The median sale price is one of the most common methods used by investors to track property values and assess their changes over time.
But today I’d like to explain why it can often be a misleading measure.
According to data providers Australian Property Monitors, one of the best-performing suburbs in Australia during 2015 was Peregian Springs on Queensland’s Sunshine Coast where units experienced a massive lift in median sale price of 136% to $375,000.
At the other end of the scale, in 2016 the worst performer was Bilinga on Queensland’s Gold Coast where the median sale price for houses fell by a huge 49% to $539,000.
Before we rush for our chequebook (or a gun) we need to understand that these huge variations in just twelve months were due not so much to high buyer demand pushing prices up or oversupplies of stock causing price falls but to changes in the type of properties that were sold in these suburbs from one year compared to the next.
This means that the properties sold in one year are very likely to be different to the ones sold the previous year.
This in turn gives data providers a headache, because how can they measure the changes in price that have occurred in a suburb if they have to rely on different property sales to do this?
The statistician’s toolkit comes to the rescue by offering them the use of means, modes, medians, stratified ranges, hedonics and repeat sales each of which has benefits and drawbacks and each of which gives them a different answer.
This is why the most common measure used in the property market is the median sale price; it offers the most advantages and the least issues.
The median is the middle point of all sale prices that occur in a city, region or suburb over a given period of time so it gives us a good indication of general price movements.
For example, if more properties are sold at the low-price end of the market, they will pull the median price down with them and if more sales take place at the high end they will take the median along for the ride.
Changes in published median prices often do not mean that prices are actually rising or falling – only that more sales of lower-priced or higher-priced properties have occurred.
Let’s look for example, at one of the best performers in 2015, Peregian Springs units.
During 2015 a number of high-quality new villas were sold for over $400,000 each generating a massive lift in the median sale price because sales the year before had been mainly of single-bedroom units for under $200,000.
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From this, you can see that the rise in the median unit sale price of 136% was not due to passive growth but to a change in the type and price of units that were sold.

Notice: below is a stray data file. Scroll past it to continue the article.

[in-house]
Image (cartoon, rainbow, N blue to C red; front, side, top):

Much the same story, although with a completely different result took place in the worst performing suburb during 2015 which was Bilinga, a southern Gold Coast suburb sandwiched between Coolangatta Airport and the Pacific Ocean.
The suburb only has around 750 houses with roughly 20 sales each year, but the type of homes varies widely from prestige beachside mansions to old fibro holiday cottages.
Whenever sales of million-dollar waterfront properties outnumber sales of townhouses and old holiday homes (which are around a quarter or less of that price), Bilinga’s median house price soars upwards, but if the sales of cheapies outnumber those of the high-quality beachfront houses, the median sale prices crash.
This is what created the fall in the median price of nearly 50% during 2015 and it had nothing to do with market movements.
It was merely a reflection of the types of homes being sold.
The lesson is simple, don’t rely solely on the median sale price or the way it changes over time as your guide to passive price variations, but also use a major online listing site to view the types of properties that were sold over the last year.
Then you can compare them to the types of properties that are currently on the market to see if the types of properties have changed.
If they have, this could be responsible for differences in the median sale price.
Conducting your own research in this way will give you an instant insight into the real causes of price changes that have taken place in any suburb and help you to decide whether you can use the median sale price as a valid measure of market movement or not.
Editor's Note: This article was originally published a few years ago, and considering the importance of the message it has been republished for the benefit of out many new readers